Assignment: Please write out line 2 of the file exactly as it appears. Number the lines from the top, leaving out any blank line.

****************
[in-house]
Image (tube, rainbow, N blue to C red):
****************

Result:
Image (tube, rainbow, N blue to C red):